When designing a hard sided case solution, most designers start with basic functionality – case size, protecting the parts, wheels or no wheels, and so forth. It makes sense to start here, as these functional parameters are most critical and need to be addressed adequately.
However, there is an additional aspect of your packaging solution that is just as critical – appearance. The visual components of the case can be under-considered or even overlooked. Yet, the visual aspects of the case can serve important, even critical, needs that make them just as functional as foam cushioning or wheels.
#1: Case Color
The color of the case can communicate volumes. The most common case color is black, because that is what most manufacturers stock as standard. When a case is any other color, it is already differentiated from the majority of hard cases out there. A colored case can serve important functions, whether making it stand out, camouflaging it, or expressing something about the service or products inside the case.
For military applications, colors are mission-critical. Desert tan and olive drab match the environment in which they are deployed, and matte black hardware minimizes reflective surfaces. When a case needs to stand out – such as with safety products – yellow and orange are typically used.
Colors can be used to extend the brand expression of the parts or services deployed through the case. Using a brand color can help identify the product with your company. Though you may be using a standard case model, having it made in your company colors make the case an extension of your brand.
How to do it: Depending on how the case is manufactured and the color, custom colored cases can have high minimum purchases and additional costs. Also, matching to a specific Pantone or color sample will take time. This means long lead times. If your quantities don’t warrant a custom run, or your timeline is too tight, find out what standard colors might be available. Some case companies have multiple options for standard colors that can fulfill the function you need without the hassle of a completely custom run.
Labeling is much more than shipping destinations or a product name. Labels serve a variety of functions – they can offer instructions for handling the case, provide part identification, and show a logo for branding purposes. There are countless options for labeling a case, both inside and out, that will meet both the needs of the message and the aesthetics.
Labels can serve important functions for case handling. A very large case can benefit from “Fork Here” or “This End Up” markings if it’s going to be moved by a forklift. Or, if a case has a completely removable lid, alignment arrows can help to make sure the lid is put on correctly. For the inside of a case, if a part can only go into the foam or other cushioning option in one orientation, labeling to can help to prevent damage to the part or foam set.
Brand logos should also be considered for your hard case. This is for more than just identification. A properly placed logo, using the right method for a cosmetic appearance, will tie the case to your brand. Remember – the case is an extension of your product and should represent your product accordingly.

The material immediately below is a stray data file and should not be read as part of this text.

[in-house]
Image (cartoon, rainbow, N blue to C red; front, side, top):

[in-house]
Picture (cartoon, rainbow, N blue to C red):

How to do it: There are countless labeling processes, and certain ones are better suited for different applications than others. When considering labeling options with your custom case provider, make sure to explain the purpose of the message as well as the content and ask for suggestions on how to achieve this. If it is a highly cosmetic message, like a logo, some manufacturing processes are better than others, such as a vinyl printed graphic or mold-in graphic. If cosmetics are less important but durability is key, stenciling can be a great option. If you plan on adding an adhesive label yourself, make sure to discuss with your case partner. Not all adhesives are appropriate for plastic, and some may require you to prep the surface with heat or chemicals. You may end up with a peeling or lost graphic if you don’t spec the right material or use the right surface prep. An experienced case partner should be able to guide you through selecting the right labeling options and make suggestions for labeling you may not have considered, based upon your application.
#3: Internal Case Layout
The first goal for the case is be to protect the parts. After that is ensured, a complete case solution should also address the visual layout inside. Attention to the appearance of the parts in the case can greatly enhance the case function. Case appearance conveys the value proposition of the case kit. An organized internal layout will speak volumes about your own products and services.
When deciding on the interior case layout, visual part management is an important consideration. Consider these questions: Does a part need to have a certain area facing up for identification? How will the user know which parts go where when they need to return them to the case? If the parts only go in the case a certain way, how can visual cues be used to make this obvious? If there is a need for a miscellaneous cavity to hold cords and other small robust peripherals, can it be located beneath another part, or contained in a pouch, or a hinged compartment? The storage solution should be user friendly but having a big open cavity with a jumble of items won’t look the best. When space allows, consider designing individual cavities for items, even if they don’t need that level of protection. The layout will look more organized as a result.
How to do it: Always start with making sure that the parts will get the right protection based upon their fragility. After that, make sure to take the time to consider the appearance of the layout. Consider labeling individual cavities, either next to the cavities or underneath so that it’s visible when parts are